When they try and force through the performance pay and evaluation language that is dependent on student growth as measured by assessments, Batchelder, et al., continue to make two fatal assumptions:
Whether referring to teacher performance pay or the evaluation process, the bills both rely on state assessments and value-added data. At the present time, those tests are limited to math and reading for grades 3-8 and five tests at grade 10 (math, reading, science, social studies, writing). For those subjects without a state test, the Ohio Department of Education and/or the local school board are directed to adopt assessments (fatal assumption #1).
If teachers are to be equitably measured across all subjects, then these assessments must be statistically valid. That process can and should take years to develop, and if intended to provide consistency statewide (why else is it being adopted into state law), then these additional measures should be created at the state level in the same manner that the current Ohio Achievement Assessments and Ohio Graduation Tests were developed.
What would something like that cost? In 2003, a financial analysis was prepared for the Ohio Department of Education to explore the cost of implementing the No Child Left Behind Act in Ohio. That study estimated that it would cost $9.1 million to develop the eight new required assessments, a cost of $13 per pupil and $1.13 million per assessment (fatal assumption #2).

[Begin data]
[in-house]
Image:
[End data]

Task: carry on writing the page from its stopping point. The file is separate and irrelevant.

Let’s consider what new assessments would need to be created under the GOP proposals. With apologies to every subject that is omitted, for this simple projection, we’ll limit to easily identified basics. Students at each grade should expect to be taking at least seven assessments every year:
Students will certainly be taking different combinations of these, especially as they reach high school, but it is reasonable to expect at least seven assessments per year.
Including kindergarten, this would result in a total of 91 state assessments (7 per year x 13 years). Subtract out the 17 existing assessments and we’re left with a total of 74 new assessments that the state will need to develop to implement the new law.
In 2003, the development of those tests would have cost the state $83.6 million. Look for that amount in Kasich’s or Batchelder’s budget — you won’t find it. This would be the kind of thing we might use one-time money on, if only that was something that was appropriate to do in a budget.
And that amount is chump change compared to the annual cost of administering the assessments. The current allocation to implement those 17 existing tests is approximately $56 million, an amount equal to approximately $25 per student – the amount charged to a district for a replacement test.
If you’ve started to calculate how that adds up, you’ll need to know the number of students taking these tests — 1,744,969 in 2009-2010. Now we can start calculating the total cost:
1,744,969 students x $25 per test x 7 tests = $305,369,575
Awesome, isn’t it? Our illustrious Ohio Republican leadership is pitching a fit over this legislation that will increase the annual cost of state assessments from the FY2011 budgeted amount of $56,703,265 to a staggering $305,369,575. Will that also be spun to be the fault of the teacher unions and local district mismanagement?
These people are just brilliant. Why do we even try to argue educational philosophy when they can’t even comprehend the basic financial implications of this legislation?